The government plans to concentrate its ODA on fewer countries going forward, reducing the number of priority countries from 50 in 2013 to 21 as outlined in the ‘Master Plan for Spanish Cooperation 2018-2021’. From these priority countries, 7 are LICs and 14 are MICs.
Spain’s 21 priority countries:
Bolivia, Colombia, Cuba, Dominican Republic, Ecuador, El Salvador, Ethiopia, Guatemala, Haiti, Honduras, Mali, Mauritania, Morocco, Mozambique, Nicaragua, Niger, Paraguay, Peru, the Philippines, Senegal, and the West Bank and Gaza.
How is bilateral funding programmed?
MAEC and AECID regional divisions set strategy; country offices and embassies shape programs
Spain programs its bilateral funding based on the strategic, regional, and thematic priorities established in the four-year Master Plan. The Master Plan outlines different approaches to bilateral cooperation that depend on the income group of a country. Low-income countries receive funding according to their development needs, cooperation with middle-income countries focuses on fostering triangular partnerships, global health research and development, and global public goods. The governing council of the Spanish Agency of International Cooperation for Development (AECID), which includes representatives from the Ministry of Foreign Affairs and Cooperation (MAEC), decides on allocations by region and country.
To increase ODA predictability, Spain introduced multi-annual country partnership frameworks (MAPs) for its priority countries in 2010. The MAPs specify sector priorities and provide estimated annual budget allocations. They are developed jointly by the AECID, the partner countries, and local civil society organizations.
In tune with its differentiated approach for bilateral funding, in addition to the MAPs Spain plans to develop New Generation Partnerships (ANG) with some of its traditional ODA recipients that have progressed to developed or upper-middle-income countries, including Argentina, Brazil, Chile, Costa Rica, Mexico, Panama, Uruguay, Cape Verde, Egypt, Equatorial Guinea, Tunisia, and Jordan.
- Spanish government; Master Plan for Spanish Cooperation 2018-2021; 2018 Spanish
- Spanish government; Propuesta de Presupuestos Generales del Estado para 2017. Ayuda Oficial al Desarrollo de la Administración General del Estado; 2017 Spanish
- Spanish government; Informe Sobre el 'Informe de Actividad FONPRODE 2015'; 2018 Spanish
How will Spain’s ODA develop?
- Spain’s net ODA is expected to increase from its 2015 levels (US$1.4 billion) in coming years, as the economy recovers (2016 levels were inflated by Cuban debt relief). The Congress’ Development Committee approved a resolution in November 2016 for Spain’s ODA to reach 0.4% of its GNI by 2020.
- Spain is likely to increase its use of ODA loans and equity investments in the coming years due to its strong focus on middle-income countries (MICs). In accordance with Span’s focus on the 2030 Agenda, ODA grants (mostly to low-income countries in sub-Saharan Africa) are also likely to increase with budgetary limitations overcome.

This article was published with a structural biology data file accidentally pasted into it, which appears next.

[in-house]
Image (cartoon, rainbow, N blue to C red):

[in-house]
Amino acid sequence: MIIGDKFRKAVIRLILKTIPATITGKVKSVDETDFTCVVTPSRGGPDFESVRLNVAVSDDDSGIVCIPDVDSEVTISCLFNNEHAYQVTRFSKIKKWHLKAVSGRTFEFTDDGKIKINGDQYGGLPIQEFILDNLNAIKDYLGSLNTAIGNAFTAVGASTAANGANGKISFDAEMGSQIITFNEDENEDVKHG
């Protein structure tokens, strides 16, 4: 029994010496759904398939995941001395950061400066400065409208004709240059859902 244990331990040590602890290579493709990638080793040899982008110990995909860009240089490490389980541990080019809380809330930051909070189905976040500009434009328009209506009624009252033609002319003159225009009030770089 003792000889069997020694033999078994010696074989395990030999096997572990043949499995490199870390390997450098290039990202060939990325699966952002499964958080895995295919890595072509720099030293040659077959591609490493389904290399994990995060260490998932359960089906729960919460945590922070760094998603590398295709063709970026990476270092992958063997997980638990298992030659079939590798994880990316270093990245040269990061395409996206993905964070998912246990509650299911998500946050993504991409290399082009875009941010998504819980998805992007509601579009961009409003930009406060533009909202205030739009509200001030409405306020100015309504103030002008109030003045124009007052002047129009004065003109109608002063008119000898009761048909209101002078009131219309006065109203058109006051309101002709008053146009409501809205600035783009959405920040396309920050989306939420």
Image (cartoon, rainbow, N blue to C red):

What will Spain’s ODA focus on?
- The ‘Master Plan for Spanish Cooperation 2018-2021’, published in March 2018, outlines seven sectoral priorities of Spanish ODA, all linked to the Sustainable Development Goals (SDGs): 1) zero hunger; 2) good health and well-being; 3) quality education; 4) gender equality; 5) clean water and sanitation; 6) decent work and economic growth; and 7) peace, justice and strong institutions
- To increase the effectiveness of its development assistance, Spain has reduced its number of priority countries from 50 in 2013 to 21. Almost all of the 21 priority countries are located in three regions: Latin America (12), sub-Saharan Africa (5), and the Middle East and North Africa (MENA) region (3).
- Spain has developed strong capacities to cooperate with MICs: it is focusing on innovative development modalities (e.g., triangular partnerships, South-South cooperation, and blended finance) to adapt to its traditional partner countries’ needs. Due to security and migration reasons, Spain’s development focus on Western Africa and the Sahel region may be strengthened as well.
What are key opportunities for shaping Spain’s development policy?
- Under Spain’s current minority government, Parliament is now in a key, strategic position to influence the government’s decision-making and the budget, including for ODA. Given Parliament’s demonstrated commitment to ODA, this represents an opportunity to advocate to members of Parliament for increased ODA funding and influence allocations.
- The government of Prime Minister Mariano Rajoy, in place since November 2016, has reiterated its commitment to advance the Sustainable Development Goals (SDGs). In addition to setting up a high-level ministerial taskforce for the 2030 Agenda implementation, the new political leadership at the Ministry of Foreign Affairs and Cooperation (MAEC) has launched its new ‘Master Plan for Spanish Cooperation 2018-2021’. It has announced that it will welcome recommendations to implement its new plan from parliamentarians, think tanks, NGOs, and multilaterals.